When should governments intervene?by Jennifer Sheehy-Skeffington / December 14, 2016 / Leave a comment
The Ethics of Influence by Cass R Sunstein (Cambridge University Press, £18.99)
Insights into the behavioural foibles that stop us making good decisions are increasingly being applied in government policy. Cass Sunstein and Richard Thaler started it all with the 2008 publication of Nudge—the manifesto for “libertarian paternalism” that led David Cameron to create the Behavioural Insights Team.
Sunstein’s new book is an integrated collection of essays on the ethics of government intervention. His ever-reasonable voice reiterates that one can’t object to “nudging” in theory since nudges are everywhere. Rather, when deciding what and whether governments should nudge, one should assess the implications for welfare, autonomy, dignity and self-government. This is a helpful setting of parameters, though one that falls short of offering the urgently-needed framework to guide government officials.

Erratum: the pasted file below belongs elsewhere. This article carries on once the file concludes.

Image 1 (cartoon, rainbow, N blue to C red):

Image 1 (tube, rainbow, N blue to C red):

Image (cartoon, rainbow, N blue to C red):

It’s easy to see how instigating default voter registration is benign, while assuming default support for a political incumbent is malign. What is needed is an ethically-grounded pathway through the many options in between.
Ultimately the book fails to deliver by limiting its audience to the same set of American libertarians Sunstein has faced from the start. Whereas nudging under Barack Obama is mistrusted as an attempt to expand government, nudging under Cameron was perceived as an attempt to replace government responsibility with self-reliant citizens. The unspoken assumption throughout is that individual decision-making is the product of flawed individual minds, as opposed to being affected by socio-economic position and societal forces—a possibility missed by this otherwise helpful treatise.